I always balk at the estimates of how much it costs to raise a child from birth to age 18. To someone who saves on everything, the figures just seem ridiculous. Between combining coupons and sales, stocking up on disposables of any size when prices hit rock bottom, and getting cloth diapers free or cheap, I’m pretty sure that we have diapered our three kids for a fraction of what they estimate for diapering one kid.
Another way we keep diaper costs low is that we don’t use diapers after age two.
People are always amazed that my little ones are potty trained so young. Honestly, I don’t think it’s anything especially remarkable about them (or me). I think that any normal child around age two can be potty trained. In the days before disposable diapers, kids were always toilet trained young. With the convenience of disposables, we’ve become lazy and spend more and more money on diapers.
When my oldest was about 18 months old, I didn’t even have potty training on my radar. It didn’t dawn on me that she might be ready, until I saw one of her friends who was just a few months older start potty training. I decided I would jump in and give it a try as well. We had success!
What really shocked me was that she was toilet trained at night too. We started her out with a diaper at night because that’s what we had seen others do, but having a diaper at night after having freedom during the day was insulting for her. She would take the diaper off at night, but still be dry in the morning. We decided to just let her wear her underwear to bed and she’s been dry ever since. She doesn’t even wake up in the night to go to the bathroom.
We had a boy next. Everyone says that boys are harder to potty train and often do so at a later age than girls, but we had confidence in our little guy and gave it a try. Right around his second birthday, we was potty trained day and night. Unlike our daughter, he would wake up in the night when he needed to go to the bathroom (and still does). Once again I was pleasantly surprised.
Our next boy also potty trained around his second birthday. In order for him to be dry all night, we generally have to take him to the bathroom about two hours after he goes to sleep. He is in somewhat of a zombie state for those nighttime potty trips. Now that he is three, he is starting to wake up on his own to go to the bathroom at night.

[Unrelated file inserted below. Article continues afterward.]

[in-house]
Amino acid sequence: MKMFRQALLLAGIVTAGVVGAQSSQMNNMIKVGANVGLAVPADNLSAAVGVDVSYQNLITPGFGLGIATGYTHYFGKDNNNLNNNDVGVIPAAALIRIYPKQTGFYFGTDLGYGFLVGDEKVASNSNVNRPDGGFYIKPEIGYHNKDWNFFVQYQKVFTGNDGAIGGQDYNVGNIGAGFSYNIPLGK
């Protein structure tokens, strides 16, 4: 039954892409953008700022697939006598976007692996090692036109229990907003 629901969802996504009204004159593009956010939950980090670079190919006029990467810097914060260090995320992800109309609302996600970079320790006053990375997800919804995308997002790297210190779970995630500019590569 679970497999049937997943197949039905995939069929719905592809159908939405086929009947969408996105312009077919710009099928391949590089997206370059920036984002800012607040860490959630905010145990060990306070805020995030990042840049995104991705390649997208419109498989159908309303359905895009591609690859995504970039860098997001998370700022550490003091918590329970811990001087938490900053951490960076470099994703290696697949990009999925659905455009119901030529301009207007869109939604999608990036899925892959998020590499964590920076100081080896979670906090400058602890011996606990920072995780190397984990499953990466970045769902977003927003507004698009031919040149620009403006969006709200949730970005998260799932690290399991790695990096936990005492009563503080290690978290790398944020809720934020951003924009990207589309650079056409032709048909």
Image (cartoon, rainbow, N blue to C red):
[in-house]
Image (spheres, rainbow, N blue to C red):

Each child was a little different, but each was very capable of potty training at an early age.
UPDATE: All six of our kids were toilet trained (day and night) by 24 months, with one as early as 19 months.
I’ve had many friends come to me for toilet training advice or suggest that I write a book on potty training. I haven’t taken time to write a book, but this author uses the same techniques that worked well for us. Her method is great for potty training at any age, but focuses on toilet training early. If you are frustrated with potty training or wondering how you can be done with diapers a year or two earlier than average, I definitely recommend checking our her book, How to Potty Train in a Week.
We checked out several different potty training videos from the library, but were disappointed by all of them. Then, a dear friend gave such an glowing recommendation for Potty Power, that I jumped right on Amazon and bought it immediately. We became believers! We used it with all of our kids and they loved it! We have loaned out our DVD to many friends who had great success with it as well.
Another great potty training investment was the Bemis NextStep Child/Adult Built-in Potty Seat. The kid seat stores magnetically in the lid, so adults don’t even have to notice it, yet kids can conveniently pull it down themselves. After seeing one at a friend’s house, I was fascinated with the idea of not having a potty chair or potty seat sitting around. What’s even better is not having to clean out a potty chair! I love that the kids can use the grown up toilet without feeling like they were going to fall in and grown-ups can use the kid toilet without having to remove or even notice any potty paraphernalia.
How much money will early potty training save?
It’s no secret that potty training saves money. That will be obvious to anyone who has bought diapers. Even cloth diapers, which are much cheaper than disposable diapers, require a couple of loads of laundry each week. The sooner you are done with diapers, the sooner you’ll start saving.
I won’t try to guess how much you will save by potty training early because everyone’s diaper budget is different. The average age to toilet train is 3 1/2 years old, so if your child is out of diapers by 2 or 2 1/2, you’re probably saving 12 to 18 months worth of diaper expenses. How much do you spend on diapers each month? Multiply that by 12 or 18. What could you do with the savings from potty training early?
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